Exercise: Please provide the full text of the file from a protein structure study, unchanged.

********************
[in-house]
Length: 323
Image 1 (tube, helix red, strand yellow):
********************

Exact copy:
[in-house]
Length: 323
Image 1 (tube, helix red, strand yellow):